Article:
Look at the landscape for ruins of the open
can. Beware the vermin whose goal dare dip in man’s sweet blossom tea
Bolder than a goat to overdose in blossom
Not you goat that wonder to water. The can in your lunchbox
Smitten to touch. Embolden that drop tin.
The wasteland along for a beating
Trek the terrain guided by your instinct
Halt at deep addition. Dampen your wonder for the flow of nature
Deep in this ‘hood should only be vermin
The Day 5 NaPoWriMo challenge is to write a poem that reacts both to photography and to words in a language not your own. Begin with a photograph. Now find a poem in a language you don’t know. Now start translating the poem into English, with the idea that the poem is actually “about” your photograph. Use the look and feel of the words in the original to guide you along as you write, while trying to describe your photograph. It will be a bit of a balancing act, but hopefully it will lead to new and beautiful (and possibly very weird) places.
This was an interesting challenge for me as I had originally hoped to write about an isolated mountain saddle above Maligne Lake in the Canadian Rockies. I stopped here alone last summer for a lunch break in the middle of a hike. It was peaceful and beautiful. As I unwrapped the lunch that I’d carried for ten miles I was greeted by a Pika who scampered nearby begging for bits. As I worked through the original poem it steered mine towards the pika and away from the breathtaking view before me.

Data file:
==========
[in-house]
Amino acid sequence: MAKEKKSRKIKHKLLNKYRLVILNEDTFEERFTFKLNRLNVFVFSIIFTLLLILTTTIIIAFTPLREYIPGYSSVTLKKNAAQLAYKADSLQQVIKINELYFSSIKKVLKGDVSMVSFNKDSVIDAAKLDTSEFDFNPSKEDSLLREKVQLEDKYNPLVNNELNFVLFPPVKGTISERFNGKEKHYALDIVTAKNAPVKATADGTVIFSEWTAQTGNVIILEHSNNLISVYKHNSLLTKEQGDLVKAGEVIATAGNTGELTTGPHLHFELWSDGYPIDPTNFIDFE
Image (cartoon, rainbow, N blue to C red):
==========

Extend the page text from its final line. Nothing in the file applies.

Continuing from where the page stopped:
Here is the poem in a foreign language (my guess is that it’s German.)
Das Boot 4
Ook in een landschap dat te ruim is of te open
kan je verzuipen, zoals de man weet die diep in een bos
ten onder gaat aan een overdosis bomen.
Net zo gaat het onder water: je kan in een luchtbel
zitten en toch voelen hoe de druppels
weifelend je longen betasten.
Trek je terug in je gedachten als in een instinct.
Haal er diep adem. Dompel je onder in flarden natuur.
Diep in je hoofd schuilt de ongerepte variant.
Here is the translation. I did not read this until my poem was written.
Also in a landscape that’s too wide or too open
you might drown, like the man knows who deep in the woods
succumbs to an overdose of trees.
The same applies to the underwater: you can be in an air pocket
and still sense the droplets
hesitantly feeling out your lungs.
Retreat into your thoughts as if into an instinct.
Take a deep breath there. Submerge yourself in scraps of nature.
Lying hidden deep inside your head the untouched variant.
It’s interesting that the original poem could have stood alone to describe the feelings I wanted to share about the first photo. Somehow in my translation the pika insisted on being seen.